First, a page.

PP9.00097: Network analyzerbased plasma diagnostics using an rf impedance probe David Walker, Richard Fernsler, David Blackwell, William Amatucci We have recently completed an extended experimental series demonstrating the usefulness of a network analyzer in plasma diagnostics in the thin sheath limit.\footnote{In Review, Phys. Plasmas (July 2010)} An rf signal, much smaller than probe dc bias voltages, is applied to a spherical probe by the analyzer which returns both real and imaginary parts of the complex plasma impedance as a function of frequency.\footnote{Phys. Plasmas 13,032108 (2006)} Plasma impedance is determined by comparing the incident signal to that reflected from the plasma. We show that this information can be used to determine plasma potential and the electron distribution function. We will present data showing results for three spherical probes in addition to preliminary observations using cylindrical probes. The analysis method we present has general application to diverse areas of plasma investigations in the laboratory or in space. It can be used with \textit{in situ} instrumentation and can be extended to provide an estimate of sheath structure about the probe. [Preview Abstract]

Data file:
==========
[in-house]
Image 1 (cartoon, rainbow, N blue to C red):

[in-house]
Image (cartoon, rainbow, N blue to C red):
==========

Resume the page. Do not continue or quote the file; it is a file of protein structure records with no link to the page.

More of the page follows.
PP9.00098: The effect of dirty walls on the plasma potential in a multidipole chamber Noah Hershkowitz, J.P. Sheehan In a multidipole chamber with dirty walls, the plasma potential is observed to be negative with respect to the grounded wall in the tens of volts. The plasma is generated by hot filaments releasing monoenergetic ionizing electrons that can be chosen to be from 35 to 60eV. Measurements with a collecting Langmuir probe suggest that the electron energy distribution is biMaxwellian e.g. Te = 2 and 4 eV. It is observed that the bulk plasma potential becomes more negative with increasing relative concentrations of hotter electrons. The potential profile next to the wall was measured using an emissive probe in the limit of zero emission. A virtual cathode forms approximately 8mm from the wall under a wide range of discharge parameters to confine secondary electrons caused by the ionizing electrons hitting the dirt. [Preview Abstract]